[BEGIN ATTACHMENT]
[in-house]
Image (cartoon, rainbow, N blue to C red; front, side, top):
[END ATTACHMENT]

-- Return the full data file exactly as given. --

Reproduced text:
[in-house]
Image (cartoon, rainbow, N blue to C red; front, side, top):